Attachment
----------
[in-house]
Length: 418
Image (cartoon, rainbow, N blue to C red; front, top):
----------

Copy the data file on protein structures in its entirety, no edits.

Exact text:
[in-house]
Length: 418
Image (cartoon, rainbow, N blue to C red; front, top):